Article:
12/04/2019 — 

WASHINGTON, DC – Seeking to help vulnerable populations afford their heating and air conditioning during months of extreme temperatures, U.S. Senators Jack Reed (D-RI) and Susan Collins (R-ME) are urging their colleagues who lead the Senate Appropriations Subcommittees on Labor, Health and Human Services, Education, and Related Agencies and Energy and Water Development to include the highest amount possible for heating assistance and weatherization programs in FY 2020 appropriations bills.

Reed and Collins this week wrote a letter to Labor, Health and Human Services, Education, and Related Agencies Subcommittee Chairman Roy Blunt (R-MO) and Ranking Member Patty Murray (D-WA) asking for their continued support of the Low Income Home Energy Assistance Program (LIHEAP) and their adoption of the highest possible funding level for LIHEAP in the FY 2020 Labor, Health and Human Services, Education, and Related Agencies Appropriations bill.  LIHEAP is the main federal program that helps low-income households and seniors with their energy bills, providing vital assistance during both the cold winter and hot summer months.

“LIHEAP is the main federal program that helps low-income households and seniors with their energy bills, providing vital assistance during both the cold winter and hot summer months,” the senators wrote.  “LIHEAP assistance is an indispensable lifeline, helping to ensure that recipients do not have to choose between paying their energy bills and affording other necessities like food and medicine.  Access to affordable home energy is a matter of health and safety for many low-income households, children, and seniors.”

Preserving LIHEAP funding is a perennial bipartisan priority for Reed and Collins, who in recent years have worked together to prevent funding cuts to the program.  Last month, Reed helped secure $21,566,217 in LIHEAP funding to help Rhode Island families and seniors keep warm through the winter after joining Collins and other colleagues on a letter to Department of Health and Human Services Secretary Alex M. Azar urging the Department to release LIHEAP funds without delay and at as high a level as possible under the continuing resolution (CR).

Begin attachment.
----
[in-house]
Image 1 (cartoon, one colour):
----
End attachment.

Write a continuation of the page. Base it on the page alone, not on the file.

Reed and Collins also wrote a letter to Energy and Water Development Subcommittee Chairman Lamar Alexander (R-TN) and Ranking Member Dianne Feinstein (D-CA) asking for their continued support of and the highest possible funding for the Weatherization Assistance Program (WAP), which helps vulnerable populations make energy efficiency improvements in their homes, and the State Energy Program (SEP), which funds state initiatives to improve energy security, increase local energy efficiency, and boost economic growth.

“Energy savings are only a portion of the benefits from weatherization,” said the senators.  “The same study shows that the economic and health benefits of weatherization go far beyond permanently reducing energy costs. Children in weatherized households miss less school, improving educational outcomes. Adults miss less work. increasing both their own incomes and their contributions to economic growth. Families also experience fewer asthma symptoms and emergency room visits, decreasing out-or-pocket medical expenses by an average of $514. WAP also leverages additional non-federal funds, while supporting over 8,500 jobs and increasing national economic output by $1.2 billion.”

The full text of the letters follows:

December 4, 2019

Dear Chairman Blunt and Ranking Member Murray:

We write in support of the Low Income Home Energy Assistance Program (LIHEAP) and to urge the adoption of the highest possible funding level in the FY 2020 Labor, Health and Human Services, Education, and Related Agencies Appropriations bill. A bipartisan group of 44 Senators urged you to support funding for this program earlier this year and we request that you continue to prioritize funding for this vital program in FY 2020 to help ensure that it meets the needs of eligible low-income households and sellers.

LIHEAP is the main federal program that helps low-income households and seniors with their energy bills, providing vital assistance during both the cold winter and hot summer months. LIHEAP assistance is an indispensable lifeline, helping to ensure that recipients do not have to choose between paying their energy bills and affording other necessities like food and medicine. Access to affordable home energy is a matter of health and safety for many low-income households, children, and seniors.